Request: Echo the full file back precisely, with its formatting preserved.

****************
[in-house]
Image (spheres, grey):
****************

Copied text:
[in-house]
Image (spheres, grey):